There are multiple materials of choice for hull – wood in earlier days, steel in recent years and currently trending towards GRP (glass reinforced plastics also knowns as FRP or fibre reinforced plastics). Aluminium is another choice of material, however an expensive proposition for inland application. Most modern ferry boats in inland waters are GRP not just in developed world but also in India, and not for no reason. GRP is light (almost half the weight) and hence smaller engine size and thereby low fuel cost, it has low maintenance since it does not rust like steel, hence its TCO (total cost of ownership) is lowest and preferable.[4]

Kochi Metro is choosing steel for the only reason that since the boats will not be handled properly (a poor assumption on skill and intent of boat drivers) it will damaged due to rough handling during berthing against jetties (after spending a lot of money to make modern jetties in this same project). KSWTD has shown through ADITYA, India’s first solar ferry, how their team can operate a GRP boat very well for the past 15 months in the Vaikom-Thavankakdavu sector [3]. So, why would our people not be able to do in Kochi?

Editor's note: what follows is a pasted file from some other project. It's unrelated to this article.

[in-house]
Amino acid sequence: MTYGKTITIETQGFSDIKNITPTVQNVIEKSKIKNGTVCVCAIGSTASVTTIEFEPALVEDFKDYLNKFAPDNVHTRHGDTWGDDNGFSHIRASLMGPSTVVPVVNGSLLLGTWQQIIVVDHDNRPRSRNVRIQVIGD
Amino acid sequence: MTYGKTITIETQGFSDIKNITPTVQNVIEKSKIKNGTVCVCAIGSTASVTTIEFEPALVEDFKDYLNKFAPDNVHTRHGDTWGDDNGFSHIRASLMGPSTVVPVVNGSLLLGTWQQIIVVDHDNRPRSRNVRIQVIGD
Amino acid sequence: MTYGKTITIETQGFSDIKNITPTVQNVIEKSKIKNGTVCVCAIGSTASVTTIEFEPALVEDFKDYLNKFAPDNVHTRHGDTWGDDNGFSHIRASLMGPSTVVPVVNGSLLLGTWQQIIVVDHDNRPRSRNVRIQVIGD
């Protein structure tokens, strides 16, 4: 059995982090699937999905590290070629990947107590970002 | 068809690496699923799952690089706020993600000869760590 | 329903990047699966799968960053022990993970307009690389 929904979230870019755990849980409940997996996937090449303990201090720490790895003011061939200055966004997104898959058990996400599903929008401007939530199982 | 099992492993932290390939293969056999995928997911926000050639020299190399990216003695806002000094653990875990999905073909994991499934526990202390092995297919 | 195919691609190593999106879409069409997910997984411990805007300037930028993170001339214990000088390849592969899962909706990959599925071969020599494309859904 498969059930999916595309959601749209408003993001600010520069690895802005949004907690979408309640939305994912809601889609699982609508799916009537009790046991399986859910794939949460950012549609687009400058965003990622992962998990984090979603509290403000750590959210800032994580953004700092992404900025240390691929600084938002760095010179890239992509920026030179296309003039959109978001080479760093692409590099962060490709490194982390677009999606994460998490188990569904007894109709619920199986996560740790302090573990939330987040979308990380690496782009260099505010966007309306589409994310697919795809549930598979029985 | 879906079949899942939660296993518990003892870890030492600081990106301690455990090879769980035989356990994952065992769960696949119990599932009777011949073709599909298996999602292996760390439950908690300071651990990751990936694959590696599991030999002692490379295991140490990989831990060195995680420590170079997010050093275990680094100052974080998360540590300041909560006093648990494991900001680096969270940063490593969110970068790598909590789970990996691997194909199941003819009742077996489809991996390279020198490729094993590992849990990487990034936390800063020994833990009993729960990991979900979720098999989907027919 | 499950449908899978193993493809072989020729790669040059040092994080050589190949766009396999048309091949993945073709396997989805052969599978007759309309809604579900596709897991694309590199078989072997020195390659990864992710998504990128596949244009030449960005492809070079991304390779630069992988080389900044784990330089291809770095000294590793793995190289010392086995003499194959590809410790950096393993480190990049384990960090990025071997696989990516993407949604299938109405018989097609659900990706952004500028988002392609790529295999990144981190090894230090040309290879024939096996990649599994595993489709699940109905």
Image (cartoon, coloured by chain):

The other reason they claim for going for steel for the first ten boats is to ensure that they are build in one year to ensure commencement of operation by April 2019. People in the boat building industry will be aware that it is easily possible to make ten boats in a year in GRP as well.

One strange proposal is to avoid having solar panels on the boat and instead have it on shore. This is a just because of poor understanding of energy balance and economics. The prime benefit of adding solar panels on the boat is the significant reduction in battery size it can achieve compared to a pure electric boat since it can generate energy when the boat is operational from the sun. Energy from sun is the cheapest source of energy on the boat and it must be maximised. Hence it must be solar-electric boat and not just electric boat.